The cultural schizophrenia of my Chinese students is not a new phenomena, in China or elsewhere. No place in Asia was more cosmopolitan, European-centred and worldly than Japan after the Meiji Revolution of the 1860s. Japanese, having decided that their training, equipment and institutions were hopelessly outclassed, went ape for all things Western; (of course, they are still at it, which wins them no friends in the rest of Asia). The Japanese, being analytic people (a trait of theirs despised by many Chinese), sought out "the best" model for each of their new institutions, borrowing variously from France, Germany, England or America. Not least, they borrowed Western models of military operation. Yet every ego has its alter-ego, every admirer a heart of envy. It was not enough to stand as an equal with any Westerner, to lounge over coffee in a double breasted Western suit, to make money with the best of them. Like a self-made man at forty-five, would they look around and say with despair (of brief life) "is that all there is to it" ? They would not. There had to be more to The Great Game. There had to be the taste of blood, the sweet scent of power. They had to surpass, to dominate, to subjugate. Only then could past humiliations be expunged. And so we had the mad, bloody tragedy of Imperial Japan's "greater co-prosperity sphere", and the horror of Hiroshima.

So it is with China. The young have no memory (anywhere) of lessons learnt, and the old choose to remember selectively. Lately in the Chinese press we have heard much of the "May 4th" movement, an outraged protest against the Versailles Treaty which awarded Germany's Chinese concessions to the Japanese after World War I. It was indeed a shameful occasion, but what are its salient "lessons"? The Chinese governent has drawn a long bow on "American imperialism" in Kosovo and tied it into a neat parcel with the May 4th Movement for my credulous students.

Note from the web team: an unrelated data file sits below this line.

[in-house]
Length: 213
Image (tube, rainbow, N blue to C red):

There is an ancient tradition in China of using historical events as tools of political convenience. They are seen as a legitimate prop for agendas of the moment. For this reason many of the more mature Chinese people I know regard "history" with considerable distaste, and have little inclination to learn its more subtle lessons. Thus, each generation will have to relearn the price of old follies. At this moment, the elemental force of envy is a dominant theme in the Peoples Republic of China. Chinese youth is powered by envy, and envy will have it's revenge. Envy has delivered them into the hands of the old men in Beijing, and in its name they will recklessly destroy the thing they love. As many a fairy tale reminds us, envy is blind. Eagerly these folk hear and believe that America with its evil cabal, NATO, is bombing poor Yugoslavia into the ground, killing and maiming its peoples to achieve "world hegemony", violating national sovereignty (theirs now, ours later, when China grabs Taiwan).

The whole structure of education in China has conditioned people not to think, not to question. No one pauses to wonder why the Kossovars are fleeing into the arms of NATO countries, not north to Belgrade and that friendly uncle, Russia; (indeed, few Chinese could find Yugoslavia on a map). Above all, they have no idea that Milosovich's thugs have murdered perhaps ten thousand men, women and children in cold blood, and driven seven hundred and fifty thousand into exile. For that matter, they have no idea that in their northern provinces the PLA has recently pushed thousands of starving, desperate North Koreans back across the border of that jolly, fraternal regime in Pyongyang.

What should I do? The short answer is nothing. What if I did lift the scales from the eyes of a man or woman, here or there? It would be a self-indulgence, with no bearing on the tides that are sweeping like great shadows across the minds of countless others. And if my imagined believers stood on a soap box in some park, they would be quickly be on a short ride to join the nineteen million prisoners in Chinese jails and gulags. This is not the Evil Empire, not in the streets and buses. People mean well, after their own fashion. They are easily deceived, and will shout the slogans they are prompted to shout, just as the blueberry pie Americans in middle-America are easily deceived. But the first and over-riding instinct of these people in the streets is, as everywhere, to get home to their families, and find a way to pay for the next generation of TV sets. So I smile mildly. And when a young girl of eighteen hangs back after class to ask with fierce passion in her eyes, why Americans are murdering the innocent, I look sad and worldly. "I could tell you many things", I murmur, "but I've signed a contract to say I mustn't talk about things like that". She understands. In this place, she understands directives like that.

"The New China" copyrighted to Thor May; all rights reserved, 15 May 1999